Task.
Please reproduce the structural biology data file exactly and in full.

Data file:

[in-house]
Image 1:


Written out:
[in-house]
Image 1: